‘Antiquated beliefs’ fuel political campaign


By Xavier Johnson, Scene Editor

Mike Pence is the current governor of Indiana and Donald Trump’s Republican running mate in the 2016 presidential election. The possibility of Pence becoming vice president is one of the most overlooked catastrophes waiting to happen to the people of the United States.

Pence is a staunch social and fiscal conservative who puts his own personal faith and antiquated beliefs at the forefront of his political platform.

In an official capacity, the vice president’s only substantial power is breaking tie votes in the U.S. Senate. The vice president also becomes the president should the standing president die, be rendered unable to perform presidential duties, leave or be removed from office.

But the danger of a Pence vice presidency doesn’t come from his official duty. The danger stems from his potential influence over Trump, a political neophyte who wishes to be president of the United States.

Trump has no experience as a public servant. He never served as a governor, senator, city councilman, or even in the military. Sure, Trump does have experience as a businessman working with the political system. However, there is a big difference between working with the system and working in the system.

Trump lacks the political experience to achieve his goals on the beltway, nor does he understand intricate political systems like those with years of public service.

To compensate for his ignorance, Trump will need to rely on experienced political advisers to give him knowledge and influence him into making sound decisions. Pence, as his vice president, would be a major voice in Trump’s ear and his most notable adviser to the public should Trump win the presidency.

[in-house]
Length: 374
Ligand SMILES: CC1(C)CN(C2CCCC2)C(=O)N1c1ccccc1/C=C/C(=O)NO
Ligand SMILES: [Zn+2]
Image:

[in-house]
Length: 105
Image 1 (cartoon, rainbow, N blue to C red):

The opportunity for Pence to influence Trump is a disastrous one. A group of moderate Republican advisers could work with Trump to level out his political platform to one that’s more supported by both parties. Pence will drive Trump’s platform far more to the conservative side and alienate moderate Republicans and Democrats.

Pence is fine when it comes to issues involving budgets. He has done a good job balancing Indiana’s budget and keeping the state’s debt at a reasonable level. It’s his social policies that make him a dangerous man.

Pence has been vocal in his anti-LGBTQ stance and has said in a Trump presidency he would support Trump in nominating a justice who would overturn the Obergefell v. Hodges Supreme Court ruling prohibiting states from disallowing marriage equality.

But he removed any doubt that he was anti-LGBTQ with his voting record during his 12 years as a congressman. In 2004, he voted yes on a proposal for an amendment to the Constitution that would only allow hetero-monogamous marriage in the U.S.

Pence voted no on the Local Law Enforcement Hate Crimes Prevention Act of 2009, which called for greater enforcement of hate crime laws in the U.S. Pence also voted no on the Employment Non-Discrimination Act in 2007, drafted to prohibit workplace discrimination including on the basis of sexual orientation.

Pence’s anti-LGBTQ voting record is reason to believe he will influence Trump to veto any bill that comes to his desk that calls for greater protections for LGBTQ citizens.

Trump himself has shown inconsistency in his stance on LGBTQ rights. His running mate Pence, on the other hand, will consistently oppose their rights, whether it is in regard to marriage or workplace equality.

Pence also wants to take away federal funding from Planned Parenthood because it provides abortions. This is just another example of Pence not caring about what’s good for the American people.

Xavier Johnson is scene editor of The Advocate. Contact him at [email protected].